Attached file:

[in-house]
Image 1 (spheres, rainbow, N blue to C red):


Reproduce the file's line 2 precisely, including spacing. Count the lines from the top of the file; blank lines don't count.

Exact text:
Image 1 (spheres, rainbow, N blue to C red):